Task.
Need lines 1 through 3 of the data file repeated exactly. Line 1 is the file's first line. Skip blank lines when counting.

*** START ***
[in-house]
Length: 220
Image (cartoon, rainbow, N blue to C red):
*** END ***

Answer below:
[in-house]
Length: 220
Image (cartoon, rainbow, N blue to C red):